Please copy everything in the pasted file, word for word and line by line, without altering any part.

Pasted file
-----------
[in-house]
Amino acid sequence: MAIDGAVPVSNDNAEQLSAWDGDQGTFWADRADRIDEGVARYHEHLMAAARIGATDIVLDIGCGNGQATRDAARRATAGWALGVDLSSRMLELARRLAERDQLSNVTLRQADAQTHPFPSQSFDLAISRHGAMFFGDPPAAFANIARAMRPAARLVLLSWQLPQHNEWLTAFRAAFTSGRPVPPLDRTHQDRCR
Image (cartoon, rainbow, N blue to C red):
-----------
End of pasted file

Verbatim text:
[in-house]
Amino acid sequence: MAIDGAVPVSNDNAEQLSAWDGDQGTFWADRADRIDEGVARYHEHLMAAARIGATDIVLDIGCGNGQATRDAARRATAGWALGVDLSSRMLELARRLAERDQLSNVTLRQADAQTHPFPSQSFDLAISRHGAMFFGDPPAAFANIARAMRPAARLVLLSWQLPQHNEWLTAFRAAFTSGRPVPPLDRTHQDRCR
Image (cartoon, rainbow, N blue to C red):